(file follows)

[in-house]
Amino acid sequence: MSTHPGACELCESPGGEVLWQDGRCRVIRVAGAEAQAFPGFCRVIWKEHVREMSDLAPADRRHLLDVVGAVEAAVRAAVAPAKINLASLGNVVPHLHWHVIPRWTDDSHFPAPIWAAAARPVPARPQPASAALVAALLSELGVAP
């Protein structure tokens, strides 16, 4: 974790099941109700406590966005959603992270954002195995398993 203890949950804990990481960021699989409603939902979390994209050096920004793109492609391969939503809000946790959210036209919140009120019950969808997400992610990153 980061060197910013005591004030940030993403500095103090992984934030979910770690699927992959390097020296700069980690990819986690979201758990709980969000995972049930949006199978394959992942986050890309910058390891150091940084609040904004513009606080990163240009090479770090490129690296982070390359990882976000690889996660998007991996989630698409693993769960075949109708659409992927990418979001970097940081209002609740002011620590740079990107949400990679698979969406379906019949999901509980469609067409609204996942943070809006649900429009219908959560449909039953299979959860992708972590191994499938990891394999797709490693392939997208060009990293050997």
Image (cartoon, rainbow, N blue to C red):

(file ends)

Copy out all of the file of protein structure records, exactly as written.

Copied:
[in-house]
Amino acid sequence: MSTHPGACELCESPGGEVLWQDGRCRVIRVAGAEAQAFPGFCRVIWKEHVREMSDLAPADRRHLLDVVGAVEAAVRAAVAPAKINLASLGNVVPHLHWHVIPRWTDDSHFPAPIWAAAARPVPARPQPASAALVAALLSELGVAP
């Protein structure tokens, strides 16, 4: 974790099941109700406590966005959603992270954002195995398993 203890949950804990990481960021699989409603939902979390994209050096920004793109492609391969939503809000946790959210036209919140009120019950969808997400992610990153 980061060197910013005591004030940030993403500095103090992984934030979910770690699927992959390097020296700069980690990819986690979201758990709980969000995972049930949006199978394959992942986050890309910058390891150091940084609040904004513009606080990163240009090479770090490129690296982070390359990882976000690889996660998007991996989630698409693993769960075949109708659409992927990418979001970097940081209002609740002011620590740079990107949400990679698979969406379906019949999901509980469609067409609204996942943070809006649900429009219908959560449909039953299979959860992708972590191994499938990891394999797709490693392939997208060009990293050997």
Image (cartoon, rainbow, N blue to C red):